Not long after Flather's father passed away, her mother was diagnosed with dementia, and she had to do it all over again. "I guided her through her disease, to make her feel safe enough to let me guide her through the disease, and to trust me and trust the disease," remembers Flather. "A diverse group of female caregivers helped me care for my mother in her home and taught me how to care for my mother. As a performer I thought I was only valuable when I was speaking. My mother taught me how to be valuable without speaking when she stopped speaking. We watched movies together, and she watched them until the end. We made her feel safe."

Flather chronicled her experience as a caregiver in her book, "Hold On Tight: a love story" which was released last year and is available in paperback on Amazon. Being someone who has made a career as a singer and songwriter who tells stories through song, Flather realized that this was also a story she could and needed to tell through song. After writing a collection of songs about this experience, Flather wove those song into a one-woman show based on the book and premiered "Hold On Tight: a love story" this past October 8 at United Solo Theatre Festival on New York's Theatre Row, where it won the award for Best Storytelling Show. Flather will bring this show to Josephine's Cabaret at the Club Café's Napoleon Room on Tuesday, November 14, with her pianist/musical director Tracy Stark.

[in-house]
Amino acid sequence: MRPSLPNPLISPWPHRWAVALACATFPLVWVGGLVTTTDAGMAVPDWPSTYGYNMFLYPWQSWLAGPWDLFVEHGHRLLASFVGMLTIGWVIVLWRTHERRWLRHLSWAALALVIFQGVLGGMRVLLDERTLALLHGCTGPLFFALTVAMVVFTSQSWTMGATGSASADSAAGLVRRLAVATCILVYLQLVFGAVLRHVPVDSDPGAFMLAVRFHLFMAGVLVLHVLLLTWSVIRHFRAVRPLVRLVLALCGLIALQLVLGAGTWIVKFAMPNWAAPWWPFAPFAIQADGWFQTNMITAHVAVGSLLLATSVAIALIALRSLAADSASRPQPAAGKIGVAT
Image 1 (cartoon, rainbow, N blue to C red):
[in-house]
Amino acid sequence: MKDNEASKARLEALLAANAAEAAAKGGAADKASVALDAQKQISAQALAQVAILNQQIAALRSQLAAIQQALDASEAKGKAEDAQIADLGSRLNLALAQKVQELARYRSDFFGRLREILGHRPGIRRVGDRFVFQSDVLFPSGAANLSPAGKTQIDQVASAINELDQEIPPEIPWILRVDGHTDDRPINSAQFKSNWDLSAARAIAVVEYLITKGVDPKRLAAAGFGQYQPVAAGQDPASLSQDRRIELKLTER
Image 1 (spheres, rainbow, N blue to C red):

"This show is a love letter to the people who are care givers and who taught me to be a care giver," Flather describes. "It's a practical show that touches upon enough of the challenges, blessings and the ultimate love story associated with care giving." In this journey, Flather admits that care giving is messy. "There is no perfect death, and no perfect care," explains Flather. "I help people forgive themselves, because we all feel inadequate, and that we've failed our loved ones by not doing enough or the right thing. So, this is for the care givers."

As an entertainer, Flather knows that a show like this can't wallow in pathos. "There's a lot of humor in it," adds Flather. "It's paced well."